Journal of Education Research vol:7 issue:2 pages:111-134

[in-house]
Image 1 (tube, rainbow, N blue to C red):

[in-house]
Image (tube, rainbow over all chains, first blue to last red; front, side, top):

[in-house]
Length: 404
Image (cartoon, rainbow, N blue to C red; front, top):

The purpose of this study is to disentangle the complex relationship between gender, personality and academic performance. Previous work has shown higher levels of performance for female students. Further, a bulk of studies stressed the role of personality, conceptualized within the Big Five framework, with respect to academic achievement. The literature, however, is unclear with respect to personality as an underlying factor in the relationship between gender and academic outcomes. In this paper, we investigate whether the gender effect on academic results can partly be explained by differences between men and women in personality and whether academic motivation could be the missing link to fully understand the gender effect on academic performance. We make a distinction between three different approaches towards academic motivation: motivation as trait, motivation regulation and academic effort. We theoretically and empirically focus on the possible role of Self-Determination Theory and Regulatory Focus Theory in explaining gender differences in academic effort and performance. The sample consisted of 233 college freshmen in a Business Administration program at a college in Belgium. The data for this study were collected by survey and completed with the end-of-semester exam results. Models with academic effort and performance as dependent variables were tested. The results reveal that gender differences in academic effort and performance can be explained, both as a whole and in the particular parts, by differences in personality, especially conscientiousness as the trait component of study motivation. In explaining academic performance, effort (the state component of study motivation) as well as aspect, the dimension referring to autonomous versus controlled motivation (motivation regulation), seem to be essential elements.